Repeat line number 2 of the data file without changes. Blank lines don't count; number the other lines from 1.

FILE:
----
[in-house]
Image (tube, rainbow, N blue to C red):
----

Image (tube, rainbow, N blue to C red):